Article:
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Yellen says the labor force participation is "quite depressed" compared to pre-pandemic levels

Treasury Secretary Yellen says labor force woes due to COVID concerns
Treasury Secretary Yellen says labor force woes due to COVID concerns 02:24

The uneven job recovery — namely a shortage of workers — is a direct result of the pandemic, Treasury Secretary Janet Yellen told "Face the Nation" moderator Margaret Brennan in an exclusive interview Friday. 

"When we really get control of the pandemic, I think labor supply will go back to normal," Yellen predicted. 

Yellen pointed to several reasons for an "abnormally low" supply of labor — including a shortage of childcare workers and educators, which "creates childcare problems." 

"That also tends to suppress labor supply," Yellen said. 

The U.S. economy has had more than 10 million open jobs since June, according to data released Friday by the Labor Department. More than six million Americans who lost their jobs in April 2020 still have not returned to the labor force.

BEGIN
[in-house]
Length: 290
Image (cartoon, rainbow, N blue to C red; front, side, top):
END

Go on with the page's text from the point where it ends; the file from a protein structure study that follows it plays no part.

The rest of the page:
Yellen, who is a labor economist, is dealing with other problems as the administration battles rising inflation and supply chain snarls. The administration argues the $1.2 trillion infrastructure package — which the House passed last week — will slow rapid price increases but not all economists agree.

President Biden is expected to sign the infrastructure bill on Monday. There are concerns about what it will do to inflation. 

"It will create millions of new jobs, it'll grow the economy and we'll win the world economic competition that we're engaged in," Mr. Biden said before his cabinet meeting Friday. 

But, with the Build Back Better plan, which is still being negotiated in Congress, the administration thinks it is a solution to broader labor issues.

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